I am getting ready to go to Jersey tomorrow to present Language, Thought, Logic, and Existence at the NJRPA which should be fun. If you haven’t listened to the virtual version why not check it out. It will almost be like being there!
I am also working on comments for next weeks Yale/Uconn Graduate conference in Connecticut. I will be commentating on a paper by Jeff Sebo (NYU) called ‘Two Normative Arguments for Metaethical Constructivism’ I will be arguing that Jeff has not given a normative argument for a metaethical conclusion. So I wanted to take this opportunity to jot down some thoughts about Meta-metaethics. What exactly is the point of metaethics and how is it different from normative ethics?
Metaethics is primarily concerned with questions about the meaning of ethical terms like ‘good,’ ‘evil,’ ‘ought,’ ‘obligation,’ and ‘right,’ and the possibility of the justification of normative moral judgments like ‘suicide bombing is morally wrong,’ ‘Uday Hussein was an evil man,’ or ‘Humans ought not to eat meat’. Now, though we are concerned with the possibility of the justification of these normative judgments, we are not concerned with giving a theory that would tell us, or purport to, whether these judgments are actually correct. Metaethical inquiry is concerned only with the nature of the kind of answer that can be given, not the actual answers that are given.
So, for instance, Plato’s answer that there are eternal, perfect, and unchanging Forms of Justice and Courage tells us how a normative judgment could be true. It does not tell us which ones are. His account amounts to the claim the moral judgments are beliefs that are true or false in so far as they capture reality as it is in the Eternal Realm of the Forms, just like normal predicates work on his view. Telling us what objects do participate in these Forms is the job of normative ethics. In Plato’s case the normative theory takes the form of a virtue ethics based on his analogy between the parts of the soul and the parts of a city. While Plato’s normative theory has fallen out of favor, his metaethical theory remains quite popular, but I shall not dwell on this here. My point is that the proper task of metaethics lies in giving a general theory about the nature of moral judgments and the semantics of moral words that would explain how realism could be true, or is false, or whatever.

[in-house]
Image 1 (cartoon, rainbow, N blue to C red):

Given this account it may then seem that to add constructivism to the fray should be no problem. The constructivist thinks that there are moral properties, just like the Platonist, except that the moral properties are thought of as constructed by us rather than found out there in the world. This certainly seems to be the way that most constructivists take, and the one that Sebo takes in his paper. He characterizes constructivism as a hybrid metaethical and normative theory, whereas non-constructivism is a purely metaethical view that makes no normative claims or predictions. So Sebo takes a metaethical theory to be the conjunction of a semantical claim, a metaphysical claim and an epistemological claim. A purely metaethical theory would only deal with these questions and since constructivism deals with these questions it is a distinctive metaethical theory, albeit one that makes a specific normative claim. This normative claim is that we should only do something if we have a reason to do it and we only have a reason to do something if we in fact value it. The constructivist thinks that trhe moral facts arise due to a distinctively human act of valueing. They are not ‘out there’ independantly of human beings. His argument is then that it is a mistake to think that finding out whether the normative claim is true or not has no bearing on metaethical disputes.
But when we actually look at what he says, this isn’t the case. His argument actually turns out to be an appeal to naturalism and intuitions about which theory is better to accept. He develops an analogy with the debate between evolution and intelligent design. The evolutionary theory makes all kinds of actual predictions whereas intelligent desing is neutral. If we then independantly verify the predictions that evolution makes then we should take this as evidence that evolutionary theory is true which is inconsistent with the theory of intellilgent design (we are here taking evolutionary theory to be the theory that life arouse due to random/chance physical events).
He then goes on to argue as follows. Imagine that we find out that the normative claim that the constructivist makes is somehow shown to be true, that is imagine that we find out that we should only act a certain way if we have some subjective reason for acting that way. Then what we have is two theories, each of which can account for this fact, but one of which is committed to strange properties, or whatever, so the success of the normative story is indirect evidence for constructivism. But the problem with this argument is that it does not really rely on the normative claim that the constructivist makes, as that can be accepted by the non-constructivist. Besides which, the only other option is not Platonism. It may turn out to be the case that the moral properties are natural properties. So the normative argument fails. As it should. Metaethical theories are completely neutral as between normative theory.